O's closer Ray passes Bronx test

He strikes out Matsui on slider to give Orioles Friday night win

Orioles 6 Yankees 5


NEW YORK -- It is a place where young relievers tend to fold, where mystique and aura and one of baseball's most vaunted lineups traditionally take over, rendering pitchers powerless to avoid timely hits and clutch comebacks.

That, and 51,282 loud fans, was what Orioles 24-year-old closer Chris Ray was facing Friday night at Yankee Stadium. New York loaded the bases on him in the ninth, Hideki Matsui had worked the count to 3-2 and the tying run was at third and the winning run at second base. Ray never flinched.

Needing to throw a strike, Ray turned to his slider, freezing Matsui with a called third strike and securing a hard-earned 6-5 victory for the Orioles over the Yankees.

"Chris threw the heck out of the ball and that last pitch was as gutsy as I've ever seen from any pitcher," Orioles manager Sam Perlozzo said. "If I was a hitter, I am not looking for that pitch, not when you are throwing 96 to 98 [miles per hour]."

Ray pumped his fist violently, securing his sixth save in six opportunities and sending the Orioles (11-7) to their third straight victory and their seventh in the past nine games. Boston's loss on Friday night in Toronto left the Orioles a half game out of first place in the American League East.

"I couldn't believe it," said Yankees third baseman Alex Rodriguez, who Ray struck out with a 96-mph fastball two batters earlier, before he walked Jason Giambi to load the bases for Matsui. "A 3-2 slider in that situation. Runners are going. They deserve it."

Matsui, who had reached base in his other four plate appearances Friday night, said later that he took the pitch, because "I thought it was a ball."

Ray and the Orioles obviously disagreed.

"It was called a strike and that's all that matters," Ray said. "I am pretty confident with my slider. I'll throw it at any time."

When told that his game-ending pitch was the talk of the Yankees' clubhouse, Ray said, "That's good. Maybe next time they'll look for it and I'll throw my fastball."

Said Orioles starter Kris Benson: "He's got a lot of guts to throw that pitch. He needed to pull something out of the hat and that's what he did."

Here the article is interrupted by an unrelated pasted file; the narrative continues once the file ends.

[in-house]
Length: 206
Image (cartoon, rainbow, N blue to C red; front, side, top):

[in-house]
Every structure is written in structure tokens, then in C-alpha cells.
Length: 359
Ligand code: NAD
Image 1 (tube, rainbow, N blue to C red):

Ray saved Benson's second win, despite a largely uneven performance in his return to New York, where he played for a season and a half with the New York Mets. In 5 1/3 innings, Benson (2-2) gave up four runs (three earned) on eight hits and was picked up by the Orioles' much-maligned bullpen.

Sendy Rleal, a 25-year-old rookie, relieved Benson, getting Johnny Damon to ground out to second baseman Brian Roberts with the bases loaded in the sixth, keeping the Orioles' two-run lead still intact. Jim Brower pitched a scoreless seventh and LaTroy Hawkins allowed a run in the eighth on Jorge Posada's RBI double, but retired Miguel Cairo in a key spot, stranding the tying run at second.

"That was a big game," Perlozzo said. "You are never safe in this ballpark against this ballclub, but our guys battled."

The Orioles took a 6-4 lead with a three-run sixth inning. Kevin Millar, whose background with the Boston Red Sox made him the target of boos every time he stepped up to the plate, hit a two-run single with the bases loaded. Millar's second hit, a bloop into shallow right, ended the evening of starter Chien-Ming Wang (1-1). The Orioles added another run as rookie Nick Markakis drew a bases-loaded walk off Yankees reliever Scott Proctor.

"Wang is tough," said Millar, who was 2-for-4. "It seemed like he was getting ahead with the fastball and then burying us with the sinker. I just wanted to jump on the first pitch."

The Orioles entered their second road series of the season having lost nine of their last 10 games against the Yankees and 28 of their last 41. They haven't won a series against their American League East nemesis since 1997, going 41-89 over the time.

They spotted Benson with an early 3-1 lead thanks to a three-run third with Melvin Mora driving in two runs and Miguel Tejada lacing an RBI single, but Benson couldn't hold it. He gave up a two-run homer to Robinson Cano in the fourth inning and allowed an RBI single to Rodriguez in the fifth.

"Any other ballpark [Cano's homer] would have stayed, but unfortunately it didn't," Benson said. "But [the offense] came right back and scored three. That's why this was a total team effort."

Said Perlozzo: "It's real early and things are going good. But I sense we're coming together as a team. I sensed that in the dugout tonight."


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